Mfry legislation – “A bad bill is better than no bill at all”

In early June of 1993 Senator Killea was approached by representatives of the CMA who wanted to broker a deal. They promised to get a direct-entry licensing law passed if the Senator would in return agree to included the 1974 nurse-midwifery language mandating physician supervision. This included the promise by the CMA that they would “see to it that physicians provided supervision” to licensed midwives.

It is helpful to mention here that Senator Killea is was nobody’s fool. She has a PhD and worked in military intelligence in Europe during the Second World War. She and her future husband (Jack Killea) were two of the first three people hired by the CIA when it was formed in 1947. They were both assigned to the American Embassy in Mexico City when Che Guevara was killed. She went on to become the highest ranking woman in the U.S. Intelligence Service. As a Catholic and pro-choice candidate for state senate, the Bishop of San Diego banned her from taking communion at her local parish, thus making her the first politician to be punished in such a way for her political views. Have a career forged in furnace of these extraordinary experiences, she was the perfect ambassador for midwives and the inevitable legislative dust-ups with organized medicine.

Senator Killea was aware that was it both inappropriate and unworkable to have the profession of midwifery under the supervising authority of the obstetrical profession . But she was also astutely tuned to political realities. The best of efforts of Governor Brown’s administration, all the California legislators who sponsored previous mfry bills, thousands of members of consumers, midwives and other professional groups had all been unable 6 times in a row over the previous 16 years to even get a mfry bill out of committee.

Consumer groups and midwives were (not surprisingly!) outraged and ready to fight any legislation containing the same ‘poison pill’ of supervision that had already blocked CNMs from being able to practice within their scope of practice for the previous 20 years.

After years no progress Senator Killea saw this as a step in the right direction — an opportunity for the camel to at least get his nose under the tent. She was convinced that midwives and consumers would ultimately be served by taking the CMA up on their offer to move the legislative ball forward.  as written — I sat next to each other during one Assembly Health committee hearing and in regard to the issue of supervision, assured me that “a bad bill is better than no bill at all”. Despite on-going problem over the last 20 years, I have to agree with that decision.

SB 350 (Killea) created the Licensed Midwifery Practice Act of 1993. It declared itself to be neutral to the nurse-mfry act but repealed the original 1917 mfry provision for the practice of traditional or non-nurse midwifery and replaced it with a modernized level of training and practice defined by the LMPA as “equivalent, but not identical,” to nurse-midwifery. As noted above, 275 midwives have been licensed since the Act was implemented in 1996.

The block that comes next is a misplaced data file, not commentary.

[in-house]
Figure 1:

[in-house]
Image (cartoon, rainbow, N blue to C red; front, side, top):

The LMPA as a Work-n-Progress

In the 19 years since Senator Killea got the LMPA passed, it’s functionality has been significantly impacted by a 1999 ruling from the Office of Administrative Law (OAL) and three amendments authored by Senator Liz Figueroa — SB 1479 ~ 2000, SB 1950 ~ 2003 and SB 1638 ~ 2006. The 1999 MBC case that grew out of the inability or unwillingness of obstetricians to provide supervision to licensed midwives. OAL Judge Roman’s ruling provided a legal framework for practicing midwifery when LMs don’t have access to obstetricians who are willing or able to provide supervision.

Statutory Duties of Supervising Obstetricians:

Under the provision for obstetrical supervision in the LMPA as amended in 2000 by SB 1479 (Figueroa), the role that physicians are thrust into by the LMPA as the ‘supervisors’ of midwives is a strictly unpaid volunteer position. Only if the doctor actually provide care to the LM’s clients will the doctor receive any monetary compensation. Even this depends on the ability of the patient to pay through insurance, MediCal or out-of-pocket.

As for their duties, supervising obstetrician have no statutory duty in the LMAP to provide any kind of prior medical oversight to the clients of midwives. An obstetrician who volunteers to supervise a LM is not required to examine or ‘pre-approve’ childbearing women before they can be accepted for care by the LM. Nor do supervising physicians co-manage or otherwise direct the care of midwifery clients during prenatal care, active labor, the birth or mother’s 6-week course of postpartum care. Supervising obstetricians also do not have a role in providing care or advice about the neonate at birth or during the first 6 weeks of life while it is under the care of the midwife.

As a practical matter, the professional or ‘supervisory’ skills of the MD only come into play if or when the childbearing woman needs some form of medical service that falls outside of the licensed midwifery scope of practice or beyond the individual midwife’s level of skill. In these cases, the midwife or client seeks medical assistance from the physician because the pregnant or newly-delivered mother needs to be medically evaluated or treated either in the physician’s office or admitted to the hospital for some form of care.

This arrangement was best described by an ACOG represenative during the Aug 2012 Mfry Council meeting. Dr Laure Gregg suggested new language for a proposed regulation that descried this as a “midwife-directed physician consultation” .

At an operational level (i.e. functionally) these circumstances are, in fact, a consultative and collaborative relationship between the midwife, mother and medical doctor. Under these circumstances, the licensed midwife, who is trained in midwifery, is responsible for her practice of midwifery, while the MD, who is trained in allopathic medicine and the surgical speciality of obstetrics, is only responsible for services provided in his area of training and expertise – the practice of obstetrical medicine.